WASHINGTON (AP) — Black Americans made strides in the job market in August, while those without high school diplomas lost ground.
The unemployment rate for black Americans fell to 8.1 percent, their lowest level since July 2007. And in an encouraging sign, their labor force participation rate — the proportion who are either working or actively seeking work — rose.
Despite the improvement, an employment gap by race remains stubbornly wide: The jobless rate for African-Americans, at 8.1 percent, is nearly double the 4.4 percent rate for whites.
It was a tough month for the least educated, who face an increasing number of employers seeking workers with higher skills. The unemployment rate for those without high school diplomas jumped to 7.2 percent from 6.3 percent in July.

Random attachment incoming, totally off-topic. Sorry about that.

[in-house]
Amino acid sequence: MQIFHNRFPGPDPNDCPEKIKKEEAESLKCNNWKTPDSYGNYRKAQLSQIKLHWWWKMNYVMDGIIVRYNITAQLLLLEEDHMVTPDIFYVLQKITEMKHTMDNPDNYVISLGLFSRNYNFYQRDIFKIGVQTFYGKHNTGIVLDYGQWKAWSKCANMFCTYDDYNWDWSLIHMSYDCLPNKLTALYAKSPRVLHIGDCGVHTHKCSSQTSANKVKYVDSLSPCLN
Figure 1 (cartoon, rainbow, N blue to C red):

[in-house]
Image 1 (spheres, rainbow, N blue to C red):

Overall, U.S. employers added a modest 151,000 jobs last month. The overall unemployment rate remained at 4.9 percent for a third straight month.
The data for various demographic groups came from a survey of households that is part of the Labor Department's monthly jobs report.
|Unemployment rate by group:|
|(Numbers in percentages)||August 2016||July 2016||August 2015|
|Hispanic or Latino ethnicity**||5.6||5.4||6.6|
|20-24 years old||8.1||9.0||8.9|
|25-54 years old||4.3||4.1||4.4|
|55 and over||3.5||3.7||3.8|
|Veterans of Iraq/Afghanistan*||4.7||5.9||4.7|
|No high school diploma||7.2||6.3||7.7|
|High school graduate||5.1||5.0||5.5|
|Duration of Unemployment:|
|Average length (weeks)||27.6||28.1||28.3|
|Jobless 6 months or more (pct.)||26.1||26.6||27.7|
|*Not seasonally adjusted|
|**Includes all races|
|Source: Labor Department|